It’s the system we need to change, rather than the products of the system. It is as citizens that we must act, rather than as consumers. But how? Part of the answer is provided in a short book published by one of the founders of Extinction Rebellion, Roger Hallam, called Common Sense for the 21st Century. I don’t agree with everything it says, but the rigour and sweep of its analysis will, I think, ensure that it becomes a classic of political theory.
It begins with the premise that gradualist campaigns making small demands cannot prevent the gathering catastrophes of climate and ecological breakdown. Only mass political disruption, out of which can be built new and more responsive democratic structures, can deliver the necessary transformation.
...By studying successful mobilisations, such as the Children’s March in Birmingham, Alabama in 1963 (which played a critical role in ending racial segregation in the US), the Monday Demonstrations in Leipzig in 1989 (which snowballed until they helped bring down the East German regime), and the Jana Andolan movement in Nepal in 2006 (which brought down the absolute power of the monarchy and helped end the armed insurgency), Hallam has developed a formula for effective “dilemma actions”. A dilemma action is one that puts the authorities in an awkward position. Either the police allow civil disobedience to continue, thereby encouraging more people to join, or they attack the protesters, creating a powerful “symbolism of fearless sacrifice”, thereby encouraging more people to join. If you get it right, the authorities can’t win.We need to recognize when the time comes to move on, when an existing system or order has lost its purpose, turned risky, even dangerous. When, indeed. When our governments subsidize our fossil energy giants to the tune of $60 billion per year, $1,650 for every man, woman and child in the country? When we allow corporate giants (yes, Irvings, you) to establish de facto fiefdoms controlling entire provinces? When we look the other way while corporations turn an entire corner of a province into one giant Love Canal, a ticking bomb that threatens to destroy the third largest freshwater threshold remaining on Earth? When our political apparatus has been captured by the forces of extermination?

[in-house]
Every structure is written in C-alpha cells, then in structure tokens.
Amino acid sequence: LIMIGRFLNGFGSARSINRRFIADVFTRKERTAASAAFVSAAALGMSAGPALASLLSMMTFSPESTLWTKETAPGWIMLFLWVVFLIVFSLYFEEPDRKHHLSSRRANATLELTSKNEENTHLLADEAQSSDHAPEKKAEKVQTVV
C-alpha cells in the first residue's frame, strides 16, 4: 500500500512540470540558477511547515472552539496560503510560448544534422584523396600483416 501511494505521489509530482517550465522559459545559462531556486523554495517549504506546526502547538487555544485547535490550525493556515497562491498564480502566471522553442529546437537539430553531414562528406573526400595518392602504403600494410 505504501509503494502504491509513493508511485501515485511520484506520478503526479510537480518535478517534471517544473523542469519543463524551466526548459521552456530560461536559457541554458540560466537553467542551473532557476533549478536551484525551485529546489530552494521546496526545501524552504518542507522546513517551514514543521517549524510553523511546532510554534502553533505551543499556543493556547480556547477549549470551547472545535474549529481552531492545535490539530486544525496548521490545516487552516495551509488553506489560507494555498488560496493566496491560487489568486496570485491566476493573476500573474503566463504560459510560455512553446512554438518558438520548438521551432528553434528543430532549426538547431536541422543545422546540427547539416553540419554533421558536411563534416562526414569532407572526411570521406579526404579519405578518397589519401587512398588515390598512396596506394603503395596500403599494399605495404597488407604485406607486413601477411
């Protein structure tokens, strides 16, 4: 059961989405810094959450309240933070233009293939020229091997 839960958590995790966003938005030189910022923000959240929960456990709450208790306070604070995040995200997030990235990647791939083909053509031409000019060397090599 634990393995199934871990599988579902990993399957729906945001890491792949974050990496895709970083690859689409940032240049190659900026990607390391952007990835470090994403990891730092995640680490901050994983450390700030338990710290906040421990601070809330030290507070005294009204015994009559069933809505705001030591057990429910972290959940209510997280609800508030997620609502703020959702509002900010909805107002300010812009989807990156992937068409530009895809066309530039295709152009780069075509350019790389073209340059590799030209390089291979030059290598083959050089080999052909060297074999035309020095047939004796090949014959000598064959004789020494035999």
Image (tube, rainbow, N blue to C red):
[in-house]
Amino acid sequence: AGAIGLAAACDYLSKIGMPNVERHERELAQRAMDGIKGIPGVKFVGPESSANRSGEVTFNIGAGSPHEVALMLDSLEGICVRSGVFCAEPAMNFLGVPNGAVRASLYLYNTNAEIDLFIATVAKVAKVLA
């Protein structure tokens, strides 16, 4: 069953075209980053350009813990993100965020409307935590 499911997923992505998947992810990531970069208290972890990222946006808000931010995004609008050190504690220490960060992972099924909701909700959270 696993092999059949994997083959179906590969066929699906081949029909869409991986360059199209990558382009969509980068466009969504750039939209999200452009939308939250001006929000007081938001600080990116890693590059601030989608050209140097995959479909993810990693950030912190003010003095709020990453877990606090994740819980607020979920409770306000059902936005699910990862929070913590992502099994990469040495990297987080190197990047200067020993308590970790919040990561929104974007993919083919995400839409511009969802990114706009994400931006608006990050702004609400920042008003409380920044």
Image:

Among the crucial common elements, he found, are assembling thousands of people in the centre of the capital city, maintaining a strictly nonviolent discipline, focusing on the government and continuing for days or weeks at a time. Radical change, his research reveals, “is primarily a numbers game. Ten thousand people breaking the law has historically had more impact than small-scale, high-risk activism.”
Hallam’s research suggests that this approach offers at least a possibility of breaking the infrastructure of lies the fossil fuel companies have created, and developing a politics matched to the scale of the challenges we face. It is difficult and uncertain of success. But, he points out, the chances that politics as usual will meet our massive predicament with effective action are zero.If not now, then when?